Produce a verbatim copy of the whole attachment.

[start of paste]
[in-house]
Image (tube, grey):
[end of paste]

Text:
[in-house]
Image (tube, grey):